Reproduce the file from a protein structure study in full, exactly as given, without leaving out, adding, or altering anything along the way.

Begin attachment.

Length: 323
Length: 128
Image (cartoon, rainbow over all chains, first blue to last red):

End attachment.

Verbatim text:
Length: 323
Length: 128
Image (cartoon, rainbow over all chains, first blue to last red):